“The total CIF [cost, insurance and freight] value of goods imported has also increased by 11 percent during 2014Q1, when compared to 2013Q1,” MCS said.

“Total imports measured MVR7.2 billion during 2014Q1, while it was MVR6.5 billion during the same period last year.”

One-third of the MVR7.2 billion worth goods imported during the first quarter represented importation of petroleum products.

“The second most imported category of goods was food items, which accounted 20 percent of total imports, followed by machinery and electronics which shared 14 percent of total imports,” MCS noted.

“Exports, on the other hand, have declined by 25 percent  during 2014Q1, compared to 2013Q1. Total FOB value of goods sold abroad valued MVR 752.5 million in 2013Q1. However, this figure decreased to MVR 562.2 million in 2014Q1. Approximately 70 percent of goods imported during 2014Q1 were sourced from 5 countries and 64 percent of goods exported from Maldives were bought by 5 countries.”


Majority of dollar receipts spent on imports: MMA assistant governor

The majority of US dollar receipts to the Maldives are spent on importing goods to the country, Maldives Monetary Authority (MMA) Assistant Governor Dr Azeema Adam said yesterday at a ceremony to launch the central bank’s first Quarterly Business Survey.

Dr Adam – who was recently named by President Abdulla Yameen as his nominee for the vacant governor’s position – reportedly said that US$1.5 billion out of the approximately US$2 billion that enters the domestic economy was used to pay for imports.

As an island nation heavily dependent on imports, the MMA’s latest balance of payments projections estimate that the country’s current account deficit will widen to US$562.5 million in 2014, which is equal to 22 percent of GDP.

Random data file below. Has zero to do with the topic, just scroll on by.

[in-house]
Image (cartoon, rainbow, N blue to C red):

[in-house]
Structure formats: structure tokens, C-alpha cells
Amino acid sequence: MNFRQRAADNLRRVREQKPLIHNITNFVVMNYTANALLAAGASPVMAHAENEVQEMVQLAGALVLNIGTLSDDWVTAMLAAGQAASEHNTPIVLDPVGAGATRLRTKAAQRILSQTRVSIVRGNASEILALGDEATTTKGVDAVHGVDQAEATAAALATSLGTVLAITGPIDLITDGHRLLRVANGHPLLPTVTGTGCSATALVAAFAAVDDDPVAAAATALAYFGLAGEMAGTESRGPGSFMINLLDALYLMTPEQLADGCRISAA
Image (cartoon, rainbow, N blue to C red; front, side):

As a result, explained Adam yesterday, there is a shortage of dollars in circulation. The central bank’s chief economist recommended reducing the volume of imports and increasing productivity.

“We have to find ways to keep dollars [circulating] in the economy,” she said.

Securing foreign markets for Maldivian exports was also essential for alleviating the dollar shortage, she suggested.

As a large number of foreign workers reside in the country, Adam said, their remittances added to the dollar outflow.

The business survey meanwhile showed “an increase in the level of business activity” in the fourth quarter of 2013 (Q4-2013) compared to the third quarter (Q3-2013).

“Looking ahead, businesses expect a continuation of this improvement in business activity and volume of demand in Q1-2014 as well. With regard to the labour market, respondents in all sectors, except for the transport and communication sectors, indicated an increase in employment in Q4-2013 compared to Q3-2013,” the summary of the survey results stated.

All sectors surveyed also “anticipate an increase in hiring in Q1-2014 reflecting the expected increase in business activity in this quarter.”

“Pressure on business costs, which includes all labour related costs and other input prices, increased in Q4-2013 when compared to Q3-2013. Similarly, average prices charged by businesses also increased in Q4-2013, except for those businesses in the manufacturing and transport and communication sectors, which indicated no change,” the summary read.

“Going forward, the majority of respondents expect a further increase in their business costs compared to Q4-2013. Average selling prices are also expected to increase, except for transport and communication sectors, which anticipate a decrease in their selling prices.”

A delegation from the International Monetary Fund (IMF) expressed surprise at the “resilience” of the Maldivian economy in a meeting with MPs on the parliament’s public finance committee yesterday.